PAKISTAN: Muslim leaders join Christians in denouncing extremism

Christian and Muslim leaders meeting in Lahore, Pakistan.
Christian and Muslim leaders meeting in Lahore, Pakistan.

Muslim leaders in Pakistan are increasingly speaking out against radicalism and promoting interfaith dialogue with Christians, according to an archbishop.

The voices of influential Muslim leaders and scholars “have become very important” in defusing religious tensions following a wave of anti-Christian riots in Jaranwala, Punjab Province, Archbishop Sebastian Francis Shaw of Lahore told Catholic charity Aid to the Church in Need (ACN).

Archbishop Shaw said that an ulema (a scholar of Islamic doctrine) apologised on behalf of his people at a press conference the day after thousands of Christians were forced to flee their homes as a Muslim mob went on a rampage in Jaranwala on 16th August.

Dozens of churches and hundreds of family homes were torched and looted following rumours that two Christian brothers had desecrated the Qur’an.

The archbishop said that Pakistan had originally been envisioned as a haven for religious freedom, where non-Hindus could escape India’s caste system.

He added that Christians were instrumental in ensuring that Western Punjab became a part of Pakistan in 1947.

He highlighted that the rise of radical Islam has been a problem for decades, adding that the government often seems to lack the will to crack down on extremists, leading to unrest across the country.

The archbishop said: “Pakistan is tolerating every evil, but the problem is that this evil then becomes so big that it is difficult to control.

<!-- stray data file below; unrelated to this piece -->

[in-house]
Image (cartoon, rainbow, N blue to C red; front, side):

“Many people were arrested after the riots, mostly members of the extremist TLP party.

“But the government finds it difficult to punish them, as there could be repercussions in other cities.”

He said: “Traditionally what they do is force reconciliation between Christians and the aggressors, so that we forgive them, and that might be what they will propose this time as well.”

He added that Muslims had initially found the concept of interreligious dialogue difficult to grasp, but “after several years of effort, now some of them have an understanding of what we are doing, and what we can achieve together.

“For example, we studied the Pope’s document on sustainability, Laudato Si’, together.

“Now, when they see incidents such as those that occurred in Jaranwala, many Muslims feel that this cannot be the image of Pakistan.”

Archbishop Shaw expressed hope that prominent Muslim leaders’ condemnation of the persecution of religious minorities might encourage the government to protect Christians and other faith groups and punish those who attack them.

He said that the ulemas are finally taking the initiative themselves, explaining: “Just last week we had a meeting in our bishops’ house, during which two ulemas, including the grand imam of Lahore, agreed to organise a national level interfaith conference in the federal capital of Islamabad.

“In this way they are also influencing the government to work more for dialogue and for a better society in Pakistan.”

ACN has supported a number of interfaith initiatives in Pakistan, including Christian-Muslim dialogue groups and the 2023 Don Bosco Football Tournament which brought together different religious communities.


With thanks to Filipe d’Avillez